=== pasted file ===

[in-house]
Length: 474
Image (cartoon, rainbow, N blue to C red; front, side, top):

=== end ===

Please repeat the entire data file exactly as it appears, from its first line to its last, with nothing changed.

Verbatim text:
[in-house]
Length: 474
Image (cartoon, rainbow, N blue to C red; front, side, top):